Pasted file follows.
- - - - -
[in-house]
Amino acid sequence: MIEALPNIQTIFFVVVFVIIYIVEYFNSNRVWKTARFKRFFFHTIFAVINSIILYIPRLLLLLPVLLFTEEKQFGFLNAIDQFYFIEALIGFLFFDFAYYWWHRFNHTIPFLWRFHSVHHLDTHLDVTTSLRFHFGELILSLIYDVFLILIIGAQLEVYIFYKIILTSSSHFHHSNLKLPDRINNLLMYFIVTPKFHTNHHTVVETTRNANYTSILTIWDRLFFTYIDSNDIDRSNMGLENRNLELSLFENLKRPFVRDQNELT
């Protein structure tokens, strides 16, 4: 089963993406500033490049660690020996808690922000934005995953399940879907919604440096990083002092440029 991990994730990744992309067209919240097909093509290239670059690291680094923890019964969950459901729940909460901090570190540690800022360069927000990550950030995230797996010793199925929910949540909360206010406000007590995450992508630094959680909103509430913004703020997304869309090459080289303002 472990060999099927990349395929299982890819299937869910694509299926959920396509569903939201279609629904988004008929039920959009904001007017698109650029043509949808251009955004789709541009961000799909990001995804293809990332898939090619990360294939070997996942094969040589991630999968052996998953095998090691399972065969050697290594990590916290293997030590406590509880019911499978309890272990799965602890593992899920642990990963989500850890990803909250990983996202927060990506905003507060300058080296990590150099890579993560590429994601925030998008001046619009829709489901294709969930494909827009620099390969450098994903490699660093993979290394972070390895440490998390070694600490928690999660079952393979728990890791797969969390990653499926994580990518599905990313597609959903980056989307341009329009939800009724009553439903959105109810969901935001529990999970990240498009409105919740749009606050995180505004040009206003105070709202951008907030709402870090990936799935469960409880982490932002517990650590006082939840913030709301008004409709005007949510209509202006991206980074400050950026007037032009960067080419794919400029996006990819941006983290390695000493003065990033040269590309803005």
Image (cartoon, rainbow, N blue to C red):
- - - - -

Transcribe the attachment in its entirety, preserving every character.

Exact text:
[in-house]
Amino acid sequence: MIEALPNIQTIFFVVVFVIIYIVEYFNSNRVWKTARFKRFFFHTIFAVINSIILYIPRLLLLLPVLLFTEEKQFGFLNAIDQFYFIEALIGFLFFDFAYYWWHRFNHTIPFLWRFHSVHHLDTHLDVTTSLRFHFGELILSLIYDVFLILIIGAQLEVYIFYKIILTSSSHFHHSNLKLPDRINNLLMYFIVTPKFHTNHHTVVETTRNANYTSILTIWDRLFFTYIDSNDIDRSNMGLENRNLELSLFENLKRPFVRDQNELT
């Protein structure tokens, strides 16, 4: 089963993406500033490049660690020996808690922000934005995953399940879907919604440096990083002092440029 991990994730990744992309067209919240097909093509290239670059690291680094923890019964969950459901729940909460901090570190540690800022360069927000990550950030995230797996010793199925929910949540909360206010406000007590995450992508630094959680909103509430913004703020997304869309090459080289303002 472990060999099927990349395929299982890819299937869910694509299926959920396509569903939201279609629904988004008929039920959009904001007017698109650029043509949808251009955004789709541009961000799909990001995804293809990332898939090619990360294939070997996942094969040589991630999968052996998953095998090691399972065969050697290594990590916290293997030590406590509880019911499978309890272990799965602890593992899920642990990963989500850890990803909250990983996202927060990506905003507060300058080296990590150099890579993560590429994601925030998008001046619009829709489901294709969930494909827009620099390969450098994903490699660093993979290394972070390895440490998390070694600490928690999660079952393979728990890791797969969390990653499926994580990518599905990313597609959903980056989307341009329009939800009724009553439903959105109810969901935001529990999970990240498009409105919740749009606050995180505004040009206003105070709202951008907030709402870090990936799935469960409880982490932002517990650590006082939840913030709301008004409709005007949510209509202006991206980074400050950026007037032009960067080419794919400029996006990819941006983290390695000493003065990033040269590309803005």
Image (cartoon, rainbow, N blue to C red):